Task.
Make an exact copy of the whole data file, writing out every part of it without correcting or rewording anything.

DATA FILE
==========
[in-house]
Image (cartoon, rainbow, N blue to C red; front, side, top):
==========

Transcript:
[in-house]
Image (cartoon, rainbow, N blue to C red; front, side, top):